NAVAJO LANGUAGE. The Navajo language is the most heavily used language of Native North America. The Navajo tribe itself has about 220,000 members, the second largest Native American tribe in the United States. During the 1990s it was estimated that about 145,000 spoke the language, by far the largest number of speakers of any Native North American language—about 45 percent of all speakers of such languages—as well as the highest ratio of speakers among tribal members.
Navajo, with other languages such as Jicarilla, Mescalero-Chiricahua, and Western Apache, form a language complex called Apachean. At the time of the European contact Apachean was spoken over a large area of the southwestern United States, centered in New Mexico and Arizona, and that is still the case. Apachean is part of the large Athapaskan family of languages that is centered in northwestern Canada, the area generally believed to be the Athapaskan homeland. In addition to Apachean, there is another small cluster of extinct or nearly extinct Athapaskan outliers, such as Hupa, on the Pacific Coast of northern California. This linguistic configuration supports the generally accepted view that the Apacheans are relatively recent immigrants into their present homeland, probably about one thousand years ago. However, details such as the route of migration, whether the migration was unitary or came in waves, and its relationship to cultures in the Southwest known from the archeological record are matters of controversy.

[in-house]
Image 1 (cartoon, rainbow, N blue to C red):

During World War II, the U.S. Marines created a unit of so-called Navajo Code Talkers as a way to encrypt messages at the tactical level in the Pacific theater. The so-called code was a jargon that the Navajos in the unit developed amongst themselves orally to describe necessary battlefield information. Its effectiveness was demonstrated by the fact that a Navajo soldier who had been captured by the Japanese before the development of the code was unable to decipher the messages despite being tortured by his captors.
In the late twentieth century, the use of Navajo has been displaced by English, especially in and around urban areas and among younger Navajos. In response to this threat to the survival of the language, tribal agencies have instituted a vigorous program of language maintenance and renewal through bilingual schools and through Diné College, which provides instruction in Navajo language and literacy and training of Native Navajo-speaking teachers for certification in Navajo bilingual education.
Field, Margaret. "Navajo." In Facts About the World's Major Languages, Past and Present. Edited by Jane Garry and Carl Galvez Rubino. New York: H. W. Wilson, 2001.